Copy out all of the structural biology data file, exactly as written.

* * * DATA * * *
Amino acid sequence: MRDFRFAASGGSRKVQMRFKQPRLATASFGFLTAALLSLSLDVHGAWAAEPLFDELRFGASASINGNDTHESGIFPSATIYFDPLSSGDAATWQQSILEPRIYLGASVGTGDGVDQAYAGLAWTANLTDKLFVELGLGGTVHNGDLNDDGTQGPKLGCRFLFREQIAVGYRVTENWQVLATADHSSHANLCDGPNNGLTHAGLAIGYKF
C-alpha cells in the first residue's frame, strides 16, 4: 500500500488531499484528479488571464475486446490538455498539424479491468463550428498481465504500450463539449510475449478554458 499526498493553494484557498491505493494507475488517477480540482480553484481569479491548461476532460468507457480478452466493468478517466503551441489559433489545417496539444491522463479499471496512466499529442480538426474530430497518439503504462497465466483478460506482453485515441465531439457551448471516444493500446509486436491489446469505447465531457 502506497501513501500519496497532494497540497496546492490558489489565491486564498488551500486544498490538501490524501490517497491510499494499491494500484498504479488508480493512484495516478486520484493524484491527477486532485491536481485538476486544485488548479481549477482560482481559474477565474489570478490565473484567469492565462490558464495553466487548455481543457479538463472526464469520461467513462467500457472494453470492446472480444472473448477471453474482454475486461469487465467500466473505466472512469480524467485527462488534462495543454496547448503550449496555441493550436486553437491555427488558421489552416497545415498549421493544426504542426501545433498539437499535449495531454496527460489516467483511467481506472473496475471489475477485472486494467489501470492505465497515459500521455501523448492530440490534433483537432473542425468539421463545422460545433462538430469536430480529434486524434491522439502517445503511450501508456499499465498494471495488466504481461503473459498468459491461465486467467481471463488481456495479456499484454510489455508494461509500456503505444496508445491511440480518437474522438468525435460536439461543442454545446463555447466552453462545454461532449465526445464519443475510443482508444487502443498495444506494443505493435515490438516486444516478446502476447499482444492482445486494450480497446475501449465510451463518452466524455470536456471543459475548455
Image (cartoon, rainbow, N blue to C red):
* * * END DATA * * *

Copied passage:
Amino acid sequence: MRDFRFAASGGSRKVQMRFKQPRLATASFGFLTAALLSLSLDVHGAWAAEPLFDELRFGASASINGNDTHESGIFPSATIYFDPLSSGDAATWQQSILEPRIYLGASVGTGDGVDQAYAGLAWTANLTDKLFVELGLGGTVHNGDLNDDGTQGPKLGCRFLFREQIAVGYRVTENWQVLATADHSSHANLCDGPNNGLTHAGLAIGYKF
C-alpha cells in the first residue's frame, strides 16, 4: 500500500488531499484528479488571464475486446490538455498539424479491468463550428498481465504500450463539449510475449478554458 499526498493553494484557498491505493494507475488517477480540482480553484481569479491548461476532460468507457480478452466493468478517466503551441489559433489545417496539444491522463479499471496512466499529442480538426474530430497518439503504462497465466483478460506482453485515441465531439457551448471516444493500446509486436491489446469505447465531457 502506497501513501500519496497532494497540497496546492490558489489565491486564498488551500486544498490538501490524501490517497491510499494499491494500484498504479488508480493512484495516478486520484493524484491527477486532485491536481485538476486544485488548479481549477482560482481559474477565474489570478490565473484567469492565462490558464495553466487548455481543457479538463472526464469520461467513462467500457472494453470492446472480444472473448477471453474482454475486461469487465467500466473505466472512469480524467485527462488534462495543454496547448503550449496555441493550436486553437491555427488558421489552416497545415498549421493544426504542426501545433498539437499535449495531454496527460489516467483511467481506472473496475471489475477485472486494467489501470492505465497515459500521455501523448492530440490534433483537432473542425468539421463545422460545433462538430469536430480529434486524434491522439502517445503511450501508456499499465498494471495488466504481461503473459498468459491461465486467467481471463488481456495479456499484454510489455508494461509500456503505444496508445491511440480518437474522438468525435460536439461543442454545446463555447466552453462545454461532449465526445464519443475510443482508444487502443498495444506494443505493435515490438516486444516478446502476447499482444492482445486494450480497446475501449465510451463518452466524455470536456471543459475548455
Image (cartoon, rainbow, N blue to C red):